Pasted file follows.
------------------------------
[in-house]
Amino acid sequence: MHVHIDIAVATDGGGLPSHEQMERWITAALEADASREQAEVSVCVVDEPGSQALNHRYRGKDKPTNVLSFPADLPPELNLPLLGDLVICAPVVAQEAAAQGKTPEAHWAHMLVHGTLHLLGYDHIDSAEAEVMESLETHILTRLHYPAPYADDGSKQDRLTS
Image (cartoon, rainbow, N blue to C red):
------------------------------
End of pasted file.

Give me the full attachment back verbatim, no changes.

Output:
[in-house]
Amino acid sequence: MHVHIDIAVATDGGGLPSHEQMERWITAALEADASREQAEVSVCVVDEPGSQALNHRYRGKDKPTNVLSFPADLPPELNLPLLGDLVICAPVVAQEAAAQGKTPEAHWAHMLVHGTLHLLGYDHIDSAEAEVMESLETHILTRLHYPAPYADDGSKQDRLTS
Image (cartoon, rainbow, N blue to C red):